Eastern Cicada Killer
Cicada Killer in 6 bunker













Finally, many of you have noticed large “bees” burrowing into the bunkers and fairways.  These are actually Eastern Cicada Killer Wasps.  Although their large size and swarming can be intimidating, they are a non-aggressive wasp that avoid direct contact with humans and will not sting you unless you really agitate them for a prolonged period of time.  They are much more interested in finding cicadas for lunch then spoiling your day.  Control of these wasps is quite difficult and unless they are burrowing into greens and fairways causing damage, is not necessary.

If you have any questions, please feel free to contact me at the maintenance facility.  Have a great week and I hope to see you out on the golf course!

Ryan

Sunday, July 2, 2017

Course Notes, 7/2/17


One thing I always keep asking myself is how we as a staff can leave work each day knowing we made Elcona just a bit better than when we got into work that morning.  Our eyes and sense of touch are still the most useful tool in answering that question, but increasingly technology is changing how we can become better stewards of the club’s resources.  The USGA has integrated one such piece of technology into their 2017 USGA Golf Utilization Survey, and has asked Elcona to participate.  We are one of 48 golf facilities nationwide participating.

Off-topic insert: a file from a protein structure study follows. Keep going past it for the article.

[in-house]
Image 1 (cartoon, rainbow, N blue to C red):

The careful management of resources (water, labor, energy, fertilizer, pesticides, etc.) is an integral part of golf courses becoming more economically efficient and good care-takers of the environment while providing golfers with an enjoyable golf experience. To help golf courses achieve these goals, the USGA has developed a method to analyze how golfers use their course. This USGA Course Utilization Study provides decision makers at golf facilities with valuable insight into where available resources need to be focused the most.

How It Works
Members are asked to carry small GPS trackers in their pocket or clipped to their clothes during their round. You need to do nothing else except play the course as you normally would, and turn the device in to the Golf Shop staff after your round.  After the round, the devices are collected and the data is downloaded. The result is a visual image that is imported into Google Earth.

After the tracks of 200 golfers of varying abilities from Elcona are downloaded, the movement patterns will reveal a great deal about traffic patterns, feature use and potentially places on the course where pace of play issues arise. This data can be used to assess current and future maintenance needs as well.